New Research 2016
Ann has been very busy this year collaborating with colleagues both locally and internationally on binocular research. Here is a link to the latest paper
published in the September edition of the Investigative Ophthalmology & Visual Science (IOVS) journal.
Fine Motor Skills of Children With Amblyopia Improve Following Binocular Treatment.
AL Webber and JM Wood School of Optometry and Vision Science, Queensland University of Technology, Brisbane, Queensland, Australia.
B Thompson Optometry and Vision Science, University of Waterloo, Waterloo, Ontario, Canada Optometry and Vision Science, University of Auckland, Auckland, New Zealand.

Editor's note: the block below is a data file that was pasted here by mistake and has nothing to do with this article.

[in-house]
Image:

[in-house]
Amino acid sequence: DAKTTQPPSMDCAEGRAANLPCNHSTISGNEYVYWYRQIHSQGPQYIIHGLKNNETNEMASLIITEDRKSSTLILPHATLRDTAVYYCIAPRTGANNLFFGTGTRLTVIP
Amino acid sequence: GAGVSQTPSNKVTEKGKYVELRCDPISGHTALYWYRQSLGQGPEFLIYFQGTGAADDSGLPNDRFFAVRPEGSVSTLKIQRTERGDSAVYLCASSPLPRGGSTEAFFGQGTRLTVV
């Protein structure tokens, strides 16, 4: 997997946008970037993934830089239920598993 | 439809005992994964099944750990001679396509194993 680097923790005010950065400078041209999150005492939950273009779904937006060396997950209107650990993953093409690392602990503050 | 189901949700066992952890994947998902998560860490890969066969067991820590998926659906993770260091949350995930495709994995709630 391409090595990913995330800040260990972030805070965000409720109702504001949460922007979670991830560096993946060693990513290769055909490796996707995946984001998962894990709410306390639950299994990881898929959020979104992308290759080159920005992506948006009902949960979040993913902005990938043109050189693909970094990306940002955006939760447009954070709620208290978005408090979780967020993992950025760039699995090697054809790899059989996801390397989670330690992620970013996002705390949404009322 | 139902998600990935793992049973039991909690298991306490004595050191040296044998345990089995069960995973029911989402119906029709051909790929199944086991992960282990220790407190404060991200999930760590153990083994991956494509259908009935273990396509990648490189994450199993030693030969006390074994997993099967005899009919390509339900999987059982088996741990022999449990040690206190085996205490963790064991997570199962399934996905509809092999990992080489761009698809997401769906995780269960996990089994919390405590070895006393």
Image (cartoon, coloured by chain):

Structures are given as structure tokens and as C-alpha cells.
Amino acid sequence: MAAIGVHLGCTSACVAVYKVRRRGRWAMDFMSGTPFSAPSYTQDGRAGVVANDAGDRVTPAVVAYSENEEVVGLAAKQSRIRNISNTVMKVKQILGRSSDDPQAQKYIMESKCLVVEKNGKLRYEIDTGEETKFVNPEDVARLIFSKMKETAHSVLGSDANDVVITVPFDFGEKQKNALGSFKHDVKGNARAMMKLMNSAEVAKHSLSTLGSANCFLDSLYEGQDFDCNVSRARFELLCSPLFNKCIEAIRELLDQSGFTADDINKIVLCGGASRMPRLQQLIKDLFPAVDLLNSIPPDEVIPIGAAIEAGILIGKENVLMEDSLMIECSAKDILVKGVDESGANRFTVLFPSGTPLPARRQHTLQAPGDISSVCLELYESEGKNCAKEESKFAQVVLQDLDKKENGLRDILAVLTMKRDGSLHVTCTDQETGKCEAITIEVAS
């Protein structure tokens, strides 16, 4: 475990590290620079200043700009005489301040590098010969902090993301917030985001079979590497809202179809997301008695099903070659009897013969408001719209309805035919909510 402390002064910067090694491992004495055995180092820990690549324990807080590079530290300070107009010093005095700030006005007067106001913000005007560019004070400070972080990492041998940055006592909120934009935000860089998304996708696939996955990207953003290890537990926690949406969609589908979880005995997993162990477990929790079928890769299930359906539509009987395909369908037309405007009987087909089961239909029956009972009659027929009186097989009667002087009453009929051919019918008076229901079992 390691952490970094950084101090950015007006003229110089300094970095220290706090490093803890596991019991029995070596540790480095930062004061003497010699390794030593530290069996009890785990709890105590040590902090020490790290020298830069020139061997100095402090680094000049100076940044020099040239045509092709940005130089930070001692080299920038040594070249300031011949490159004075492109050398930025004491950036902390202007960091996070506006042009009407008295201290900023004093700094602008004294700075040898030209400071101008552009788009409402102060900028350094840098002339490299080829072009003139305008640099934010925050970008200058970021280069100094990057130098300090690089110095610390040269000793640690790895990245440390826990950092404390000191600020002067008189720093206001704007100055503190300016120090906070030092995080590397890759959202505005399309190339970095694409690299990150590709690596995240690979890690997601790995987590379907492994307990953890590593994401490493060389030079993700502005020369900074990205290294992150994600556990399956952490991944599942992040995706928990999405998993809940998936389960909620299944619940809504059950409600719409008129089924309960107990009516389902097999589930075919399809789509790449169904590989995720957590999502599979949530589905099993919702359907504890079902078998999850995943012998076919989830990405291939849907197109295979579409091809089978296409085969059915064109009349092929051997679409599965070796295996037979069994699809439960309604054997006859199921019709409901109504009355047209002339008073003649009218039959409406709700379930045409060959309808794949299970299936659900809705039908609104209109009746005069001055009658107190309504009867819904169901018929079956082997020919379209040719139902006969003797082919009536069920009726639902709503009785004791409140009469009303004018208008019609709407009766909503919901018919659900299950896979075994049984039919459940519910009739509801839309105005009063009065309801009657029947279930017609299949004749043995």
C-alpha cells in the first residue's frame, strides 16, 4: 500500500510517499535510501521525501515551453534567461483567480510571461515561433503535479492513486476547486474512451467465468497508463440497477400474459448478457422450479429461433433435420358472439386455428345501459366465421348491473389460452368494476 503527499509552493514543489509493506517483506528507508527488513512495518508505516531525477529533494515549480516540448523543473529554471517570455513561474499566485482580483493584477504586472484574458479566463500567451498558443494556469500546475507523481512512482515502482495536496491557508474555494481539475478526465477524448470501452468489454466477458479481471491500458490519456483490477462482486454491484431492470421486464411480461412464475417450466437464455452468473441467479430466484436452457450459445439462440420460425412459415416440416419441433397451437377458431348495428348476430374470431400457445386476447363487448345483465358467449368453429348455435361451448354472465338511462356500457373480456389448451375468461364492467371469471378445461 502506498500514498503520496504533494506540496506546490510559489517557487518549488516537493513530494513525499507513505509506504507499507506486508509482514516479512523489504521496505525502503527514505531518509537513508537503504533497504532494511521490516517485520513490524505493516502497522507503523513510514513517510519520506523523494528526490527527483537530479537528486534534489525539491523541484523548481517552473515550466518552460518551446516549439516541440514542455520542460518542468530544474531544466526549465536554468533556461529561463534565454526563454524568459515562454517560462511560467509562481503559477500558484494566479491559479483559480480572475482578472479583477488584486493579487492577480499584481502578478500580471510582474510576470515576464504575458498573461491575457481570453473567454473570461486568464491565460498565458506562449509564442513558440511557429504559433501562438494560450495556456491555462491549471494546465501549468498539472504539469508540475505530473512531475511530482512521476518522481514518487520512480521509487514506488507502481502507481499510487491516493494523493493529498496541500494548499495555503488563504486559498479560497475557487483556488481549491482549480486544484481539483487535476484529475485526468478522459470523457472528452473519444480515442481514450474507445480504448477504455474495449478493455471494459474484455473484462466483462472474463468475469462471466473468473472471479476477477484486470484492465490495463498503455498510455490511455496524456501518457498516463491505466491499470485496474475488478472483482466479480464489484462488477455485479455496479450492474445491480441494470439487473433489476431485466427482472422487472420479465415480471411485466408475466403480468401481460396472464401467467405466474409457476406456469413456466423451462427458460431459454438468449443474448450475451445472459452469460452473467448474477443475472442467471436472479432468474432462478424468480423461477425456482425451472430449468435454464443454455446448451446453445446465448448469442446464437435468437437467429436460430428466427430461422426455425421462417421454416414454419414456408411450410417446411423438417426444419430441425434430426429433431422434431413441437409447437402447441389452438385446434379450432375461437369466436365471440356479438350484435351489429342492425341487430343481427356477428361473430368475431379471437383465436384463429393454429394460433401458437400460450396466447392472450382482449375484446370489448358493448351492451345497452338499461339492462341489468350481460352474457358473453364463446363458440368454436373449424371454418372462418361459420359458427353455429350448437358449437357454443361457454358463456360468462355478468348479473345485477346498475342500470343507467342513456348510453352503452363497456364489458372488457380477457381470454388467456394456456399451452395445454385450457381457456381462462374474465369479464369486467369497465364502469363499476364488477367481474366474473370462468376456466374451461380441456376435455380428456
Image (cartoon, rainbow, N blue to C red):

The purpose of this study was to determine whether reduced fine motor skills in children with amblyopia improve after binocular treatment and whether improvements are sustained once treatment has ceased.
Binocular treatment provided by dichoptic iPod game play improved FMS performance in children with amblyopia, particularly in those with less severe amblyopia. Improvements were maintained at 3 months following cessation of treatment.
Here is the link to the artricle Fine Motor Skills